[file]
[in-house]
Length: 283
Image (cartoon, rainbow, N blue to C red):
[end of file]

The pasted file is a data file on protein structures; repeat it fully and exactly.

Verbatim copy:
[in-house]
Length: 283
Image (cartoon, rainbow, N blue to C red):